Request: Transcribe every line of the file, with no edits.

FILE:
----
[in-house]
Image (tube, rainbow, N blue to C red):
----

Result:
[in-house]
Image (tube, rainbow, N blue to C red):